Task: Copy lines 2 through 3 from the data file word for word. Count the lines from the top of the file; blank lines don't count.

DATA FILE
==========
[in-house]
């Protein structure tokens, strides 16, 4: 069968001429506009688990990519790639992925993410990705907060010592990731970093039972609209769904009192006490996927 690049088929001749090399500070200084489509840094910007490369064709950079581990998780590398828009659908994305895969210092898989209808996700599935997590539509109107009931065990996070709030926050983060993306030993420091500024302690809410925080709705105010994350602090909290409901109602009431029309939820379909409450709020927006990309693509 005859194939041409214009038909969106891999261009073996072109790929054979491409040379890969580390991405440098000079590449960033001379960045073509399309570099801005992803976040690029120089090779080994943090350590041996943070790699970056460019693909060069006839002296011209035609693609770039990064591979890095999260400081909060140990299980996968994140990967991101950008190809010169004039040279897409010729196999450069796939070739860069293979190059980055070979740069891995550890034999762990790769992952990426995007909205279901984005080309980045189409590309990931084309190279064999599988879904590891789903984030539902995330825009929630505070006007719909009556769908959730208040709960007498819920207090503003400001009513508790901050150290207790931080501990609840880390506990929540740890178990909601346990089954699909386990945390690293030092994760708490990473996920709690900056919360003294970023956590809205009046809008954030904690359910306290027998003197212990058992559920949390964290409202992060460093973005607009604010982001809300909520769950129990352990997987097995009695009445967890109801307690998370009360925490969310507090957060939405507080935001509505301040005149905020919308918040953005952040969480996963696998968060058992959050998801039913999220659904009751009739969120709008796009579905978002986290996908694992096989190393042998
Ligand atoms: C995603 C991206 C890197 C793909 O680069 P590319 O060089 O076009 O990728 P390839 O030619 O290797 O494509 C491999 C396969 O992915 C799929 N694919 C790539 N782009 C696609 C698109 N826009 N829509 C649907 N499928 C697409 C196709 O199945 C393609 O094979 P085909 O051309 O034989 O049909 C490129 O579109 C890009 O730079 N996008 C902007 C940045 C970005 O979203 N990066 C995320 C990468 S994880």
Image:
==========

């Protein structure tokens, strides 16, 4: 069968001429506009688990990519790639992925993410990705907060010592990731970093039972609209769904009192006490996927 690049088929001749090399500070200084489509840094910007490369064709950079581990998780590398828009659908994305895969210092898989209808996700599935997590539509109107009931065990996070709030926050983060993306030993420091500024302690809410925080709705105010994350602090909290409901109602009431029309939820379909409450709020927006990309693509 005859194939041409214009038909969106891999261009073996072109790929054979491409040379890969580390991405440098000079590449960033001379960045073509399309570099801005992803976040690029120089090779080994943090350590041996943070790699970056460019693909060069006839002296011209035609693609770039990064591979890095999260400081909060140990299980996968994140990967991101950008190809010169004039040279897409010729196999450069796939070739860069293979190059980055070979740069891995550890034999762990790769992952990426995007909205279901984005080309980045189409590309990931084309190279064999599988879904590891789903984030539902995330825009929630505070006007719909009556769908959730208040709960007498819920207090503003400001009513508790901050150290207790931080501990609840880390506990929540740890178990909601346990089954699909386990945390690293030092994760708490990473996920709690900056919360003294970023956590809205009046809008954030904690359910306290027998003197212990058992559920949390964290409202992060460093973005607009604010982001809300909520769950129990352990997987097995009695009445967890109801307690998370009360925490969310507090957060939405507080935001509505301040005149905020919308918040953005952040969480996963696998968060058992959050998801039913999220659904009751009739969120709008796009579905978002986290996908694992096989190393042998
Ligand atoms: C995603 C991206 C890197 C793909 O680069 P590319 O060089 O076009 O990728 P390839 O030619 O290797 O494509 C491999 C396969 O992915 C799929 N694919 C790539 N782009 C696609 C698109 N826009 N829509 C649907 N499928 C697409 C196709 O199945 C393609 O094979 P085909 O051309 O034989 O049909 C490129 O579109 C890009 O730079 N996008 C902007 C940045 C970005 O979203 N990066 C995320 C990468 S994880």